“Is there a nation that has been granted the right to escape from grief? Is there an ethnic class that will never feel sadness? I don’t think so. Surely that’s grounds for a convergence as opposed to conflict,” he ponders.

Dasgupta pines for a world in which the ‘arts’ are valued as highly as more traditional livelihoods; in such a world, he proposes, empathy might more easily blossom.

“I think there’s much to be grateful for and also there’s much to be hopeful about. I’m very passionate in the assertion that much of that hope lies in art. It lies in words. It lies in a painting. It lies in someone who’s a cultural crusader. It lies in someone who’s a historical documentarian. It lies in someone who is a poet. It lies in someone who’s an instigator of the arts. Perhaps that really needs to be the model for education in the future. 

“Can we channel whatever new avenues that have opened in the last few decades and feed those with people equipped to take on those roles, and not just be obsessed with a very methodological form of education, that is only very academic and completely, completely ignores a sense of human worth?”

This greater understanding of his even stretches to topics closer to his heart. Throughout our meeting I attempt to provoke a reaction – a soundbite, if you will – on something the world of poetry as a whole is divided on: micro-poetry.

“I really have a truthful belief in the notion that begrudging someone simply for being successful is a silly grudge to bear,” he responds when asked his thoughts on the popularity of those bite-sized quasi-philosophical musings that fill your feeds on Instagram and Facebook.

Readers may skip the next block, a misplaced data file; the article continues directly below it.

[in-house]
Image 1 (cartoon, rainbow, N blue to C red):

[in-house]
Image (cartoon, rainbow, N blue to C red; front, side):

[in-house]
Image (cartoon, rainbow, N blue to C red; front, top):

“Do I wish some of these people were making their living from something other than literature? Perhaps. But it’s not for me to judge, and it’s not for me to control.

“People are finding the words and the poetry and the literature that they’re comfortable with, and if they’re comfortable with micro-poetry and they’re comfortable with all of that, I mean good for them.” Unsatisfied with this response I prod him further for a soundbite, and finally he breaks – somewhat. 

“But when I do come across them I find them deeply indulgent, self-indulgent. Poetry needn’t be that; poetry needs to about oneself but then it needs to look at the world through a much larger prism as well. It can’t just be me, this is what I ate, this is why I’m crying today, this is why my heart is bleeding. That’s great if you’re 15-16 (years old) but you surely need to grow up at some point,” he needles.

This final point however is also appended by a qualifier. “Let me anchor this by saying if it’s bringing the writer a certain joy then wonderful for them. Who am I to impede them? It’s easy consumption. I wouldn’t say it’s as unhealthy as fast food or soft drinks but it is what it is and also for readers who are taking something from that, wonderful.”

And in that Dasgupta perfectly illustrates the virtues of travel and being well read; even when discussing a subject in which he so clearly has such strong convictions he remains tactful as ever, something which we could all strive for a bit more in our lives.